Oldest coin photos?

Discussion in 'Ancient Coins' started by Suarez, Jun 26, 2019.

  1. Suarez

    Suarez Well-Known Member

    I visited the ANS library twice on a mission to photograph old coin catalogues. While their system for accessing these rare publications is unfortunately quite cumbersome, here's a link to what are possibly the 20 oldest photos of ancient coins. They are from a catalog run by Giulio Sambon way back in 1881. Close to 120 years old!


    It is possible (likely even) that there were older photos of individual coins in other catalogs but probably not by much. While photography was invented in 1827 the mass reproduction of photos did not come until much later. While a few experimental photos had been printed in newspapers as early as 1873 it wouldn't be, coincidentally, until 1881 that the process was commercialized. It wasn't until 1889, for example, that National Geographic would print its first photo.

    Back in the 1880's Sambon was a leading auctioneer and, I think, getting into photographing coins for publication was probably more about showboating how avant-garde they were than any practical benefit they could get from photographing their lots. I don't know how most sales went down but I doubt these catalogues were primarily intended to be the equivalent of mail order print catalogues of today. I'm guessing if you were a client you'd simply show up to see the coins in person (or your dealer would).

    The printing process was itself expensive and time-consuming involving master glass plates which could be used to transfer the image onto paper. From this we still inherit the word "plate" even though the term has been obsolete for decades! While newspapers used the crude halftone method, these catalogues were typically made with a process called collotype which could capture much finer detail.

    Anyway, I hope this is of some interest. I find the history of printing processes just as fascinating as that of photography itself. By the way, here's a lot the earliest color photograph plate from a 1929 Adolph Hess sale. Unfortunately, they chose gold for the whole plate so somewhat of a wasted effort in terms of showing off the possibilities of rendering many different color tones but, hey, imagine the oohs and aahs this must have caused back then! Don't forget that most printed auction catalogues carried black and white photography until the mid-2000's!!

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  3. shanxi

    shanxi Well-Known Member

  4. dougsmit

    dougsmit Member Supporter

    Perhaps we should note that these and most photos of coins in early publications do not show coins but plaster or sulphur casts of coins. Shooting actual coins was much later. Today there are still workers who prefer plaster casts to photos.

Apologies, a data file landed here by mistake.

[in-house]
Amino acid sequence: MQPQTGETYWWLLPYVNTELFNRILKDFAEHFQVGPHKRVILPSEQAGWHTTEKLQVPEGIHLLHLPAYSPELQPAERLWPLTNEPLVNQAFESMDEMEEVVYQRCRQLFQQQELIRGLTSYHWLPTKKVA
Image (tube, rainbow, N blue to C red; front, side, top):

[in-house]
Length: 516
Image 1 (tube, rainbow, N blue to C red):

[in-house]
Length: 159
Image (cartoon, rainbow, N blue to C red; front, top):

If being casts is a deal breaker then my candidate for the 'first' honor has a bigger problem. While much older (the card style dates the image to the 1850's by a French photographer) the coins in the form of a bracelet are a small part of the image. I believe they are Gallic antoniniani (Postumus?). I have posted this image several times asking for other old images and had no replies. I still have no idea when the first individual coin was photographed.

    Shea19, chrsmat71, ominus1 and 4 others like this.
  5. Carausius

    Carausius Brother, can you spare a sestertius?

    I could not readily find the catalogue from your link. If it's the Borghesi Sale catalogue, I have that catalogue in my library. It is indeed very early, but not the earliest catalogue depicting photos of ancient coins. I understand some earlier U.S. sale catalogues had plates with ancient coins.

    Update: Did you just replace the link? It works fine now. Borghesi, as I suspected.
    Nicholas Molinari likes this.
  6. Nicholas Molinari

    Nicholas Molinari Well-Known Member

    Not working for me. Browsing on Chrome and Safari.
  7. Carausius

    Carausius Brother, can you spare a sestertius?

    In general, I'm a fan of photos of casts in the early sales. It eliminated the vicissitudes of patina and lighting on the image quality. If you look at some prewar sales that have photos of coins themselves, you'll perhaps appreciate these benefits more clearly

    The difficulty for me, as a provenance hound, is learning how to discount casting variables when determining a provenance match. Overall, the old catalogue cast should not show die details that are missing from the coin in hand, although the casts may often miss die details that are visible on the coin in hand.
    Last edited: Jun 26, 2019
  8. Sallent

    Sallent Live long and prosper Supporter

    Not a photo, but this is the earliest "image" of a Roman coin I could find, dating to around 1480 CE. I believe that's Nero on the coin.

    Could be a Paduan medal, but based on the patina it's probably the real thing he is holding in the painting.

    chrsmat71, Oldhoopster and Carausius like this.
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